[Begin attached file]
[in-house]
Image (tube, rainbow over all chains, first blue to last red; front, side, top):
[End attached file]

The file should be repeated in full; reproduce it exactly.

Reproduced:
[in-house]
Image (tube, rainbow over all chains, first blue to last red; front, side, top):